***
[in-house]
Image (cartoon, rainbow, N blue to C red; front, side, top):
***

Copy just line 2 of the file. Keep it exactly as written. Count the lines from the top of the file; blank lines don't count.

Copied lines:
Image (cartoon, rainbow, N blue to C red; front, side, top):